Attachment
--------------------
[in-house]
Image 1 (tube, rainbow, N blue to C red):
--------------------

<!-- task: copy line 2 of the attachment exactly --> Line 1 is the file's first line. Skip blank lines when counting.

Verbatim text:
Image 1 (tube, rainbow, N blue to C red):